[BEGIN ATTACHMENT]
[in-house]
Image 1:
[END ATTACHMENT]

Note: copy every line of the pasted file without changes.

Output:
[in-house]
Image 1: